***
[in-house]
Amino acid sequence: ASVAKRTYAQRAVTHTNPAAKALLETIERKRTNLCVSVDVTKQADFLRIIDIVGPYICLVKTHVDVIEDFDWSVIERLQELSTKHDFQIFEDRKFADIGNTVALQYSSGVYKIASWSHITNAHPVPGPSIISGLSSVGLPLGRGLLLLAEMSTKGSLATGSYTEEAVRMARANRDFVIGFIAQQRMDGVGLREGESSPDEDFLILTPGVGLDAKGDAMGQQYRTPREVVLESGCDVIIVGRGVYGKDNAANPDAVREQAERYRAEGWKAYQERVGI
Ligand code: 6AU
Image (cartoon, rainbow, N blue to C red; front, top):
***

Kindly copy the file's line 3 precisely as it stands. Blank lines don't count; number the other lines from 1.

Ligand code: 6AU